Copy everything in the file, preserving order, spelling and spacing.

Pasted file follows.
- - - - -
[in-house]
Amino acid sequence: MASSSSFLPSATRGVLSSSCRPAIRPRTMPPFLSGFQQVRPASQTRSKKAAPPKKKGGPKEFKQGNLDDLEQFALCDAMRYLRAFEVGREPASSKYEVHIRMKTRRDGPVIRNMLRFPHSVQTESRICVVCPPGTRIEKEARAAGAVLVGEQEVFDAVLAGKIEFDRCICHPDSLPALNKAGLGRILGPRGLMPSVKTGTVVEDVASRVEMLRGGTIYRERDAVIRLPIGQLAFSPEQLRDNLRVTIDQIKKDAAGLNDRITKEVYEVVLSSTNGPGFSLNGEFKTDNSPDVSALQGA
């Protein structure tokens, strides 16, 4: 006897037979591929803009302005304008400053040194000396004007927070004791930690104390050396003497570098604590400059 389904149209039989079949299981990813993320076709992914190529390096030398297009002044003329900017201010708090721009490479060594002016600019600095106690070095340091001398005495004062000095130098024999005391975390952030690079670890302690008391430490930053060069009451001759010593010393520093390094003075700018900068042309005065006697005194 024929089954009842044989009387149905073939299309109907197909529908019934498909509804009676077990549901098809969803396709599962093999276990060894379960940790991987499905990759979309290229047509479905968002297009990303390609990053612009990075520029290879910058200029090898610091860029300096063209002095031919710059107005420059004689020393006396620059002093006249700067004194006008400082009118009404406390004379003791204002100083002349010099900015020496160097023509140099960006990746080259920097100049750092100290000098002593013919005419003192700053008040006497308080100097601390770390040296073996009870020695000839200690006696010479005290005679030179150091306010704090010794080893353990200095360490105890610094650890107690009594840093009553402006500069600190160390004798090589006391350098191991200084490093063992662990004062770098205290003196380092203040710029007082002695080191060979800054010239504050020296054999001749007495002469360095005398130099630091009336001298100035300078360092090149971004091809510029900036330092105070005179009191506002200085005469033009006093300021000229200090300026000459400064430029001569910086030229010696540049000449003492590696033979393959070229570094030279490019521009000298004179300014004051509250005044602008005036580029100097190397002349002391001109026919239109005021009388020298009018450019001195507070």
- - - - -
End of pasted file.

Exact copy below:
[in-house]
Amino acid sequence: MASSSSFLPSATRGVLSSSCRPAIRPRTMPPFLSGFQQVRPASQTRSKKAAPPKKKGGPKEFKQGNLDDLEQFALCDAMRYLRAFEVGREPASSKYEVHIRMKTRRDGPVIRNMLRFPHSVQTESRICVVCPPGTRIEKEARAAGAVLVGEQEVFDAVLAGKIEFDRCICHPDSLPALNKAGLGRILGPRGLMPSVKTGTVVEDVASRVEMLRGGTIYRERDAVIRLPIGQLAFSPEQLRDNLRVTIDQIKKDAAGLNDRITKEVYEVVLSSTNGPGFSLNGEFKTDNSPDVSALQGA
């Protein structure tokens, strides 16, 4: 006897037979591929803009302005304008400053040194000396004007927070004791930690104390050396003497570098604590400059 389904149209039989079949299981990813993320076709992914190529390096030398297009002044003329900017201010708090721009490479060594002016600019600095106690070095340091001398005495004062000095130098024999005391975390952030690079670890302690008391430490930053060069009451001759010593010393520093390094003075700018900068042309005065006697005194 024929089954009842044989009387149905073939299309109907197909529908019934498909509804009676077990549901098809969803396709599962093999276990060894379960940790991987499905990759979309290229047509479905968002297009990303390609990053612009990075520029290879910058200029090898610091860029300096063209002095031919710059107005420059004689020393006396620059002093006249700067004194006008400082009118009404406390004379003791204002100083002349010099900015020496160097023509140099960006990746080259920097100049750092100290000098002593013919005419003192700053008040006497308080100097601390770390040296073996009870020695000839200690006696010479005290005679030179150091306010704090010794080893353990200095360490105890610094650890107690009594840093009553402006500069600190160390004798090589006391350098191991200084490093063992662990004062770098205290003196380092203040710029007082002695080191060979800054010239504050020296054999001749007495002469360095005398130099630091009336001298100035300078360092090149971004091809510029900036330092105070005179009191506002200085005469033009006093300021000229200090300026000459400064430029001569910086030229010696540049000449003492590696033979393959070229570094030279490019521009000298004179300014004051509250005044602008005036580029100097190397002349002391001109026919239109005021009388020298009018450019001195507070």